The WorldWide Telescope (WWT) is a Web 2.0 visualization software environment that enables your computer to function as a virtual telescope-bringing together imagery from the best ground and space-based telescopes in the world for a seamless exploration of the universe.
The public beta of Worldwide telescope is now available at http://www.worldwidetelescope.org and get empowered to explore and understand the universe with its simple and powerful user interface.
- follow a guided tour of the sky by astronomers and educators from some of the most famous observatories and planetariums in the country.
- enjoy seamless panning and zooming (use the + – keys) around the night sky, planets, and image environments.
- View the sky from multiple wavelengths: See the x-ray view of the sky and zoom into bright radiation clouds, and then crossfade into the visible light view and discover the cloud remnants of a supernova explosion from a thousand years ago.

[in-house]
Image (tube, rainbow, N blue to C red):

- Switch to the Hydrogen Alpha view to see the distribution and illumination of massive primordial hydrogen cloud structures lit up by the high energy radiation coming from nearby stars in the Milky Way.
Note that the WWT requires DirectX 9.0c even when you already have DirectX 10 installed on my Vista box. The reason is that DirectX has a subcomponent (D3DX) that gets revved more often than DX itself. So, when people ask for DX 9.0c, they really mean DX 9.0c and D3DX rev 35 (for example). That’s why you keep seeing the DX installer over and over again when you install a new DX app.
Now that the revving of D3DX has slowed down, these installers should be further and fewer apart (you roughly get one install per rev of D3DX).